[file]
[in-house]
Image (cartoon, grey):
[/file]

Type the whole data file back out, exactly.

[in-house]
Image (cartoon, grey):